Through 2015, 80 percent of social business efforts will not achieve the intended benefits due to inadequate leadership and an overemphasis on technology, even as enterprise social networks become the primary communication channels for noticing, deciding or acting on information relevant to carrying out work, according to a report from IT research firm Gartner.
The company predicted by 2016, 50 percent of large organizations will have internal Facebook-like social networks, and that 30 percent of these will be considered as essential as email and telephones are today. The leaders of social business initiatives need to shift their emphasis away from deciding which technology to implement and focus on identifying how social initiatives will improve work practices for both individual contributors and managers, the report said.
“Businesses need to realize that social initiatives are different from previous technology deployments,” vice president and distinguished analyst at Gartner Carol Rozwell said in a statement. “Traditional technology rollouts, such as ERP or CRM, followed a ‘push’ paradigm. Workers were trained on an app and were then expected to use it. In contrast, social initiatives require a ‘pull’ approach, one that engages workers and offers them a significantly better way to work. In most cases, they can’t be forced to use social apps, they must opt-in.”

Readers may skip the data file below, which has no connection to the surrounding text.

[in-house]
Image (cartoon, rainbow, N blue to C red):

Rozwell also commented that there is too much focus on content and technology, and not enough focus on leadership and relationships, suggesting leaders should instead focus on developing a social business strategy that makes sense for the organization and tackle the tough organizational change work head on and early on.
“Successful social business initiatives require leadership and behavioral changes,” Rozwell said. “Just sponsoring a social project is not enough — managers need to demonstrate their commitment to a more open, transparent work style by their actions.”
Gartner said businesses need a detailed understanding of social networks, including how people are currently working, who they work with and what their needs are. A Facebook-like social networking environment, for example, could be used as a general-purpose communication channel where information and events that originate in external systems such as email, office applications and business applications could be injected into conversations.
“Users should include gamified-social-mobile fusion as a desired set of characteristics when evaluating new application investments,” vice president and Gartner Fellow Tom Austin said in a statement. “Applications and app-providers that fail to exploit the benefits of gamification-social-mobile fusion should expect underwhelming adoption, and therefore sales, of any user-facing products competing against alternatives that exploit the benefits of this fusion.”